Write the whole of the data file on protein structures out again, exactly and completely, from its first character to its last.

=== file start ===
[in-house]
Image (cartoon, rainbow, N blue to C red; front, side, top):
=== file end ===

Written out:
[in-house]
Image (cartoon, rainbow, N blue to C red; front, side, top):